Car-sharing schemes can be helpful in reducing cars from our roads. Currently in Malta we have one company offering the service of 450 cars which are available for shared use (against payment obviously). Using one of these cars instead of owning your own helps in reducing cars from our roads. Having just 450 cars being subject to shared use is however too little. Fiscal incentives including subsidies to those opting to share cars rather than to own them could be helpful.

We should continuously remember that in most cases, in Malta, we travel for short distances. Having less cars on our roads will also contribute to more road safety and consequently this would encourage more walking and cycling, especially when the distance involved is small.

Electrification of our roads on its own is not sufficient. It is just one of a number of tools which need to be applied in transport policy to contribute to a reduced climate impact, attain safer roads, achieve cleaner air and also to ensure more sustainable mobility.

published on the Malta Independent on Sunday: 22 May 2022

From Dubai to Singapore

Last week, the President of the Republic, laying out the programme for the new government in what is known as the speech from the throne, emphasised that the environment is a core value for this government. Reading through the speech prepared by government, his Excellency was clear by dwelling on a number of different topics of considerable environmental importance.

However, Dr Vella was unfortunately not advised as to how and when the government intends to address its continuous contradictions in its drive to shift its focus from the infrastructure to the environment.

The elastic environmental politics presented by this government ranges from more flyovers to achieving carbon neutrality, simultaneously being dependent on two interconnectors tapping the Sicilian energy market.

Previous governments led by the Labour party had sought to transform Malta into another Dubai, that is a land of high rises and extensive land reclamation . The attempt at Dubai-ification embarked on by the Muscat led government will apparently now be transformed into a Singaporization as emphasised by infrastructure Minister Aaron Farrugia. This is the implementation of the policy of continuity which his Excellency was apparently not sufficiently advised about.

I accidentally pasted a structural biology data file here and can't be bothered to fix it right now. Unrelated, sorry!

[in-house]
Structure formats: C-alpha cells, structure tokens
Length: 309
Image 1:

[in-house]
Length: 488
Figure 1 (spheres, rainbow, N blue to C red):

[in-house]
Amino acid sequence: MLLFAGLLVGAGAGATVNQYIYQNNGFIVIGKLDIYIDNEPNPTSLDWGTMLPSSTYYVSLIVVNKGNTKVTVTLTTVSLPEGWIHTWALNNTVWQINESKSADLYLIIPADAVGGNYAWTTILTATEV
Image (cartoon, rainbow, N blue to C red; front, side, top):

The current crop will do their best to outshine their predecessors. Since there is not much more land to ruin, they have therefore turned their gaze towards the sea which they will be ruined in due course.

Preliminary studies carried out in the past had identified the areas in Maltese waters where land reclamation could be considered, subject to more in-depth studies. The coastal areas identified and studied are those along the  Magħtab/Baħar iċ-Ċagħaq coastline and the Xgħajra/Marsaskala coastline. These are the coastal zones which have to be watched and protected.

The basic question to ask before embarking on planning any land reclamation projects is: what do we need land reclamation for? In the past land was reclaimed to construct the Freeport or to protect the coast at Msida, Gżira and elsewhere.

If any new pressing need is identified one should carefully consider them.

The Netherlands used land reclamation successfully to adequately manage its low-lying land. Hong Kong made use of land reclamation to create high value land required for its airport on the Chek Lak Kok island. Through land reclamation Singapore expanded its container port, an essential cornerstone in its economy.

The way to go about tackling land reclamation is through serious public consultation. Labour in government has, so far, only consulted developers on land reclamation. It has, in the recent past, only consulted those who were seeking new ways to make a quick buck! These are the fourth-floor guys who are only interested in making hay while the sun shines.

If government is serious about land reclamation it should immediately publish a list of its proposed projects. This should be accompanied by a draft national land-reclamation strategy for public consultation. At this point consultation should not be with the speculation lobby: it has already been extensively consulted. Consultation at this stage should primarily be with environmental NGOs and the coastal communities, in particular those directly impacted.

Having said the above I do not think that land reclamation is or should be a priority. Rather, the priority should be the restructuring of the construction industry: specifically cutting it down to size and putting it to good use.

The country would be economically, environmentally and socially much better off if the construction industry is assisted in its much-needed restructuring. It would undoubtedly need to shed labour which can be absorbed by other sectors of the economy. Retraining would be required to ease the entry of the shed labour force into other economic areas.

After years of haphazard and abusive land-use planning, land reclamation is the last thing we need!

published in The Malta Independent on Sunday : 15 May 2022

Tibdil fil-klima u l-aċċess għax-xemx

Huwa essenzjali li nnaqqsu l-gassijiet serra jekk irridu nindirizzaw b’mod effettiv it-tindil fil-klima. F’Pariġi, fl-2015, kien hemm qbil li kien meħtieġ illi t-temperatura globali ma kelliex tiżdied iktar minn 1.5 gradi Celsius biex ikun possibli li l-bidla fil-klima tkun taħt kontroll.   Tlett xhur ilu, f’Awwissu, l-Intergovernmental Panel on Climate Change tal-Ġnus Magħuda (IPCC) infurmana li ż-żieda fit-temperatura diġa qabżet il-grad Celsius, u li din qed tkompli tiżdied.  

L-impatt ta’ dan jidher fil-maltemp estrem li qed niffaċċjaw kontinwament. Bħall-għargħar fi Sqallija u l- Calabria iktar kmieni din il-ġimgħa u fil-Ġermanja u pajjiżi oħra iktar kmieni.  Il-ħerba li qed tiżviluppa hi enormi. Jekk ma nieħdux passi deċiżivi, dak li qed naraw mhu xejn ħdejn dak li ser jiġri.